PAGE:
October 2011

You may have heard the old quote that three things matter when it comes to real estate – location, location and location.  Although likely in the past few years many are wondering if anything matters when it comes to the value of real estate!

This blog contribution is not to pique your interest in real estate investment.  Those three words also capture why our Seminary Board chooses to meet on campus in Marion, IN for some of its’ meetings, while some meetings take place in other locations.

We’re grateful to be rooted on the main campus at IWU, and it is exciting to see houses being moved, streets vacated and the property cleared for our new Seminary facility to be constructed beginning next Spring.  And we’re thankful for the opportunity to serve the Midwestern United States where we reside.  But we wouldn’t want a “Midwest mindset” to thwart our vision to serve our whole nation and world.  That’s why we have Board representatives from across North America, and also why we hold some of our meetings in locations other than the Midwest.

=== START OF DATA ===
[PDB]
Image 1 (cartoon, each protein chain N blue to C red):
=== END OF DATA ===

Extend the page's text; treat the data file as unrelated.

In the fall of 2010 our Board was hosted by 12Stone Church in Atlanta, GA.  Being “on location” in one of the world’s great cities, rooted in the South but drawing people from all over the world, we could visualize the challenges and opportunities of major urban areas.

Just last month, we were “on location” in New York.  One of our Board members is Major George Hood, National Community Relations & Development Secretary of the Salvation Army (SA).  He arranged for us to be hosted by SA Educational Center in Suffern, NY.  The first day our Board visited the Harlem Temple Corps Center in New York City, and we were briefed on the amazing work they do as a local church and compassion ministry as we toured the facility and saw them in action.  It once again awakened us to the realities of serving the great urban areas of the world.